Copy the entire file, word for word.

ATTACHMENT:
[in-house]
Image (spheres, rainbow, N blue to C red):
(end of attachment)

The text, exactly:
[in-house]
Image (spheres, rainbow, N blue to C red):